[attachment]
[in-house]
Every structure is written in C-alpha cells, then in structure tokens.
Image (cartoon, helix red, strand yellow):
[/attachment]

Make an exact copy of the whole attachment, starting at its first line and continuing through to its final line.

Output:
[in-house]
Every structure is written in C-alpha cells, then in structure tokens.
Image (cartoon, helix red, strand yellow):